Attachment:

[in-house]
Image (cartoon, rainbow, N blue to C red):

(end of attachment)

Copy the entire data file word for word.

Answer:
[in-house]
Image (cartoon, rainbow, N blue to C red):